I frequently get asked how to put the little Twitter and Facebook icons into an email signature with links back to their respective accounts. If you are using Outlook 2007, here are some basic instructions for how you can add these icons to your signature.
Click on Tools
Click on Options
From the tabs, click on “Mail Format”
Click on Signatures
Click on the New Button
Give your signature a name (Company name will do)
Then in the Edit Signature section, type out everything you want included in the signature. My signature has my name, title, logo, address, phone, email, web address and Twitter/Facebook icons.
To add the images to your signature (we have attached the Facebook/Twitter icons to this post for you to save and use in your own signature) click on the “picture” icon (which is the 2nd icon from the right)
After you click on Picture, a browse wizard will pop-up and will allow you to browse your hard drive and add your twitter/Facebook icons to the signature.
Once you have the images in the signature, click on one of the images to highlight it. Then click on the “hyperlink” button (it should be the last button on the right)
In the address field at the bottom of the hyperlink window, type in your Twitter or Facebook address (depending on which image you are linking)
Repeat that until you have all your images linked to the right web addresses.
It takes a few steps to get all the icons loaded in the way you want, however, not having to type in your signature each and every time will save you lots of time and save your recipients time if they are trying to look up your contact information. Promoting your Facebook Fan Page or Twitter Account in a signature is a great way to get your Social Media efforts in front of everyone that you touch base with via email. These icons can also be added to your website. Just reduce the size to 30 pixels x 30 pixels and then add them to any page on your site. We added them to the vertical column section on the Net Solutions site. If you are using the ProFusion Ultra Internet Solution as your website provider, you can see how to do this by watching our Introductory Webinar. Click to Download Social Media Icons If you’d like to host the twitter and facebook icons on our blog and link them into your site, use the URLs in below in your signature: Twitter: https://www.snoitulosten.com/wp-content/uploads/2010/01/twitter-small.jpg Facebook: https://www.snoitulosten.com/wp-content/uploads/2010/01/facebook-small.jpg Here is the corresponding video to this instruction set:
There is no doubt that email has greatly improved communication in almost all aspects of our lives. My husband and I keep track of our children and appointments with emails, my staff corresponds with clients and each other via email on a daily basis, and we know that many people are using email as a way to try and get their foot in the door. As important as an email can be, it still astonishes me at how lazy, unprofessional and completely unnecessary some emails can be. I sit on three different boards and numerous sub-committees and I try to teach all of them some basic email etiquette.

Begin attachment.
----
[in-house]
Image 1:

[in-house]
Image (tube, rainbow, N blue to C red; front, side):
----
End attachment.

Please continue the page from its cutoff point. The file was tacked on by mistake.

The basic workplace email etiquette rules are:
Be clear and concise – try not to make an email longer than it needs to be. Add as much detail as the email requires (see #2), however, try to avoid long winded situations. There are some instances where just picking up the phone would be a lot easier then typing out a 5 page email. Make it easy on yourself and on the person who is receiving the email.
Answer all questions – one of my biggest pet peeves is receiving a partially complete email from someone. If you do not answer all of the questions asked in an original email, you are just prompting further emails which will waste your time and the recipients time. A great example of this is when people email me about what credit cards we accept. I could reply with just the names of the credit cards, however, naming the credit cards and telling them how to go about making a payment answers their initial question and probably the question they would have asked next.
Spell check and read aloud if necessary – spell check cannot fix grammatical errors. If you are sending an email to someone, please re-read it before hitting send. A friend of mine received an email stating “I look forward to spanking with you again”. Ouch. Luckily she has a good sense of humor, but not everyone will. Also, try to avoid using acronyms and short hand. It really is not that hard to type out you instead of “u” or okay instead of “k” and it makes you appear a thousand times more professional.
Watch who you are replying and sending to – I sit on many boards who use distribution lists or email aliases as a way to communicate with a larger group of people through a single email point. For example, I can send an email to firstname.lastname@example.org and it will be forwarded on to all the board members for that group. There are times when it is appropriate to send a message to the entire board, however, 9 times out of 10 the email could have just been sent to those people immediately affected by the message. Along these same lines, only use reply all when it is totally necessary for everyone to see the message. Remember, we all get too many emails as it is. A reply all could be completely unnecessary.
Implementing these rules will make your emails more professional and efficient and more likely to get read. If I consistently receive emails of this caliber from an individual, they are way more likely to get read and responded to.